In a much anticipated announcement the Federal Reserve decided to keep the Fed Funds rate at the zero to 0.25 percent range. This is the seventh year the rate has been in this exact range, since it was cut in the throes of the recession in December, 2008.
Recall that the Fed has two mandates: controlling inflation and maximum, sustainable employment. So why did the Fed choose to maintain record low rates? The three main reasons were:
1. Very low inflation in the US Normally Fed rate hikes occur when inflation is on an upward trajectory. Inflation (ex-food and energy) for August was 1.8%, below its 2.0% target.
2. US jobs While the unemployment rate has come down to 5.1% from its 10% peak in ’09, those participating in the labor force are declining as a percentage of the total. This has been on the decline for seven years now.
3. A fragile global economy There were several mentions of China in the follow up commentary, and slowing global growth overall. Any US rate hike would likely divert investments from overseas markets. It would also further strengthen the US dollar, which in turn would further cut into sales of US products to overseas markets, impacting US multinational companies.
The decision was not unanimous, however. The dot plot shown below indicates each Fed member’s rate expectations. Of the 17 voting members, 13 selected a higher interest rate range by the end of this year. The plot also shows that Fed members project rates will be even higher in the coming years, to the 3.5% area at the end of 2018 and longer term.
Does this mean that the Federal Reserve is currently taking a hands-off policy on the US economy?
We don’t think so. What most people don’t realize is that the Fed is equipped with other tools besides changes to the Fed Funds rate when it seeks to heat up or slow down our economy. Some of these tools are:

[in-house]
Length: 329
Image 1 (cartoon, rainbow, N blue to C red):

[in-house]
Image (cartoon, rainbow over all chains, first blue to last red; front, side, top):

- The “overnight” discount rate which the Fed effectively pays banks for keeping money set aside from lending. By reducing the discount rate, banks are given more of an incentive to lend their deposits to growing businesses.
- Buying and selling securities. As we’ve seen with three quantitative easing (QE) programs over the last several years, the Fed can buy up or sell off securities in an effort to change rates.
- Public statements. The Fed will give forward guidance about the path for short-term interest rates. These statements tend to move markets prior to any official rate hikes.
Oftentimes, as shown in the graph below, the Fed encourages early market moves in interest rates since their decisions are based on data that is generally accessible. In the yellow boxes we can see that market interest rates (the blue line) move before the Fed changes the actual Fed Funds rate (the red line).
We may see a drop in the “overnight” lending rate in the coming weeks in an effort to stimulate US economic expansion. Back in 2007, the Fed expanded this service to as much as 30 days. We will be watching closely for changes to the program, since there are usually no announcements.
We believe a rate hike to the 0.25 to 0.50 percent range over the next six months (perhaps as early as next month) is being telegraphed by ongoing Fed governor commentary. When they do raise rates, we believe it will be interpreted as positive for the stock markets as it will indicate that the US economy and corporate profits are on more solid ground within a larger, global scope. Additionally, we believe that further rate hikes will be gradual (lower and slower). This was part of Fed Chair Yellen’s presentation to Congress last spring, that a more gradual path was a prudent approach.
So long as we do not have runaway economic growth and roaring cost inflation, which we do not expect, we believe a normal 10-year Treasury bond range of 2 to 4 percent is likely for the next several years.
As of September 22, 2015:
Dow Jones US Moderately Conservative Index is down 1.97% (TR) for the year
S&P 500 closed at 1,942 down 4.21% for the year
Russell 2000 closed at 1,143 down 4.26% for the year
U.S. 10-year Treasury Futures are yielding 2.13% down 4 basis points for the year
WTI Crude Oil futures closed at $45.13 down $8.58 for the year
Gold closed at $1,132 per ounce down $51 for the year